StashesI am writing a sequel to my novel, Stashes. I miss my characters: Jackie and Steve Breeden, pictured to perfection on the cover by the illustrator, Cliff Cramp (yup, he of the Star Wars dvd covers’ fame).

I miss their life misadventures, and there was an open loop in the narrative that begged for the sequel. There was a character who wanted a turn.

The sequel novel title is Hashes & Bashes. It’s fiction, but real life. You get the drift–you are living life on this planet, too. Among Human Beings who hash and bash habitually, someone is going to get hit.

All characters have flaws, this we know, because we are they and they walk among us–but not even psychology texts agree on causes of the dilemma I’ll present, though the consequences are clear.

We have a female character; let’s call her Eve. She has two sons like the Biblical first woman, and like that woman, she favors one and not the other. One is blindly, openly vaunted, as if he were the Holy Grail of Human. The other is as slighted as she is able. It has been ever thus.

What would cause a mother to act so divisively, so derisive to one, when exalting the other? The shunned one, consigned to snippets of acknowledgement and affection like Cinderella, while the other was crowned King of the World, long before James Cameron cried out at the Oscars.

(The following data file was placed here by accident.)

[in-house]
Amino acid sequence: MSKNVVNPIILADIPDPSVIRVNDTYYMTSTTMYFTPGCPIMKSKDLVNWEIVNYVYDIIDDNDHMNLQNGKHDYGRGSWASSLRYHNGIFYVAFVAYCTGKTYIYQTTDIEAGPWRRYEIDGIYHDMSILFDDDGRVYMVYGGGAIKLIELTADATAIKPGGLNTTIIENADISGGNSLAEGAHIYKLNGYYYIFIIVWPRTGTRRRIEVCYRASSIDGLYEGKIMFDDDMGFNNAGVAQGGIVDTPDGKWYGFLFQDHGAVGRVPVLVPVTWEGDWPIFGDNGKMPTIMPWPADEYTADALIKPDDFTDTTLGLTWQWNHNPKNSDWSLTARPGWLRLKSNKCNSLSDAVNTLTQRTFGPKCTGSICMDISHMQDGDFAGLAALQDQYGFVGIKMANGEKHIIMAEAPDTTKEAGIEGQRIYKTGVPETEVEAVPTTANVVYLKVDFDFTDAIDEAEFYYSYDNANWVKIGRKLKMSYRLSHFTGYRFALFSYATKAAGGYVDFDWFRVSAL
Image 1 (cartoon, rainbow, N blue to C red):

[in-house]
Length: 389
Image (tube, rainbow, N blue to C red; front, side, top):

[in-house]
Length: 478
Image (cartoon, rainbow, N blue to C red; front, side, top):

Survival of the fittest? Law of the Jungle? Fair is rare?

God as my witness, I don’t get it all the more because Eve claims to be Christian, a religion of love for One and all.

I read the article, intrigued, in part, because one of the scholars is from my college alma mater. I still don’t get it and postulate another cause: because the favored son reminds her of her spouse before responsibilities, reprisal, and irksome habits drove the couple apart… Back in the days when the duo was dating and raising a different kind of cain. Perhaps?

The scenario isn’t going to change, but perhaps I’ll understand with your insight. Whaddayathink? Is this character worthy of life in a book?

In the meantime, let’s watch an episode of a favorite childhood tv show, My Three Sons

Diversion helps me constrain my mind and my mouth in the presence of unfairness that I can do nothing about. Don Quixote of fairness: that I am. What about you?